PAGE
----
God’s Sovereignty: “means” to an “end”

November 3, 2008 | By | 40 Comments

As citizens of the United States of America, we have the opportunity to vote for the person(s) we believe to be best to lead our nation in the office of President (and vice-President and other offices). I’m convinced that the majority of Christians may underestimate the gravity of this God given privilege. Yet, I rest in the fact that the person who becomes the President of our nation will be the person selected by God (cf. Rom. 13:1).

I believe that we need to strongly defend and uphold the sovereignty of God, especially in light of how often it is attacked and undermined. Along with Justin Taylor,

“I am a passionate proponent of God’s absolute sovereignty over all things. And surely politics is included in “all things.” God removes kings; God sets up kings (Dan. 2:21). God does all that he pleases (Ps. 115:3), and he “works all things according to the counsel of his will” (Eph. 1:11). Even though a king (or a president) appears to be the most powerful person in the land, “The king’s heart is a stream of water in the hand of the Lord; he turns it wherever he will” (Prov. 21:1). Amen and amen.”

Plain and simple: God is sovereign over all things - period. And yet, as a Pastor, I recognize that many people have difficulty balancing the sovereignty of God along with human responsibility, specifically what we are supposed to do. It appears that many other pastors have been sensing the same “problem” and have been addressing it on various blogs across the web (there are just too many to name!).

So, I’d like to make a few simple observations regarding these issues. Perhaps they will help balance our contention for God’s sovereignty along with our responsibility as followers of Jesus who are called to impact the world and stand for righteousness for the sake of the Gospel.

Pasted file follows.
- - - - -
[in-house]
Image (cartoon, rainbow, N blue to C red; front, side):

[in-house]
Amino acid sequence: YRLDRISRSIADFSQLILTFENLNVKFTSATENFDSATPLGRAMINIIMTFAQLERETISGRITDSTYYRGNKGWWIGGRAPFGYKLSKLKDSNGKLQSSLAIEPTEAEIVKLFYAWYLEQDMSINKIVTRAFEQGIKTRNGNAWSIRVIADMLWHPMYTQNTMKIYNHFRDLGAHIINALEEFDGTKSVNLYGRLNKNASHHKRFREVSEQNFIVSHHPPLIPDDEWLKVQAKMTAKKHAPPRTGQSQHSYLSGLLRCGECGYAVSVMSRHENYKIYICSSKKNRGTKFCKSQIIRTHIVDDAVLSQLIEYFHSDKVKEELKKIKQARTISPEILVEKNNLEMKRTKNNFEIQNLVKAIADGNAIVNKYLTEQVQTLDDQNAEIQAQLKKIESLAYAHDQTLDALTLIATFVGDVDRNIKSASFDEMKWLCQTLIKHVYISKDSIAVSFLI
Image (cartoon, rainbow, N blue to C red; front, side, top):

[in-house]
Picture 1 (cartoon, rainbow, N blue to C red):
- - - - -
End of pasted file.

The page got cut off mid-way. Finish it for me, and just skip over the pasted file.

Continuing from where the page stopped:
In order to uphold, defend, and essentially believe in God’s sovereignty does not equate to ignoring the reality that God’s sovereignty uses and works through human means. If God has decreed for something to occur, we can rest assured that it will happen but not apart from the mans of human responsibility. This is the beauty of redemptive history – God does whatever brings Him glory and He uses human beings in the process. He doesn’t have to. We don’t deserve it. We certainly can’t earn it. But He extends to us this opportunity. This is why evangelism is essential to God’s work in bringing about salvation. God raises up and uses men and women to share the Gospel of the Kingdom with people who He Himself is drawing to the Son. Yet that process includes the activity and obedience of people sharing the Gospel. In fact, it is essential to the process! Taylor makes two points that will help us understand my point:

(1) The fact that God ordains all things (i.e., his secret will) has a limited effect on our decision making. It can’t prescribe how we act, but it can prevent us from having the wrong perspective (e.g., anxiety, fear, despair, misplaced trust, etc.). But in terms of interpreting events, the main way to read providence is backwards (as John Flavel wrote: “Some providences, like Hebrew letters, must be read backward”).

(2) The fact that God ordains means ensures that our actions have significance. The ordained outcome can never be seen as an excuse for complacency or fatalism.